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Sunday, June 06, 2010

Watching and Waiting

The old email bag is overflowing with questions from (mostly) Tier 1 members eligible for retirement. The theme of most of the questions is "should I retire before the Legislature convenes near the end of January 2011".

This is not an uncommon question for me and so I've given this a lot of thought. I generally don't offer advice on when people should retire as there are so many individual variables involved. That said I can share my own thought process on this matter. Before doing that I always raise a crucial question that bears on what you do. My question is this: in an ideal world when would you retire? If the answer lies beyond 2011, then you should stop reading right now. Go on with your life. Retiring earlier makes no sense and the financial risk is greater in retirement than in not retiring. The rest of this essay is for people already eligible for retirement and planning to retire during 2011.

Retiring in 2011 carries with it a lot of uncertainty. This uncertainty arises principally from the fact that this is a legislative year. There is tremendous pressure on the legislature to "fix" PERS again. This pressure is coming from the media (Oregonian, Statesman-Journal, Register-Guard, Corvallis Gazette, Bend Bulletin), from private citizens on both sides of the political spectrum (E.g. Phil Keisling, Gary Coe), from public employers frothing at the prospect of another rate increase, from hundreds of concerned citizens throughout the state who write nasty anti-PERS letters to the editors of the above-mentioned newspapers, and both legislators(e.g Dennis Richardson) and legislative candidates alike. The political environment right now is made more complex by a very unfavorable economic climate and a prolonged recession, making additional PERS reform an extremely large target. I think it is fair to speculate that PERS will be reformed yet again in 2011.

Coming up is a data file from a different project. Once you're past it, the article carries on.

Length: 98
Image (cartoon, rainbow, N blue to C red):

I've discussed the likelihood of reform in certain ways in previous posts, especially my public response to Gary Coe (previous post) and to Phil Keisling this past fall. While the unions will fight like hell against any changes to current benefits, they are more or less helpless to defend against changes that apply prospectively, I.e. to benefits accrued after the effective change date. Retroactive changes are risky and the Oregon Supreme Court has taken a pretty firm stand against such changes so far. But the stakes are even higher in 2011 than they were in 2003. The economic climate is much worse this time around and the legislature may be willing to take more risks than in 2003. The unions are less powerful now than they've been in the past, and many see labor unions as the cause of our economic woes rather than the haven from them. With budgets being cut right and left, with more layoffs, furloughs, and wage freezes or cuts looming, the unions coffers are not as full as before. They will have to spend their money wisely this fall and in their lobbying efforts in the legislature. All of this points to a rocky session ahead for PERS members and prospective retirees.

So the bottom line for members thinking about retiring in 2011 after the legislature convenes is this: what might you be risking by waiting the legislature out versus getting out ahead a bit and retiring sooner? It is A very tough decision, but one where an earlier decision might end up being more beneficial than gambling. It is certainly something you ought to put in your analytical engine and reflect upon carefully.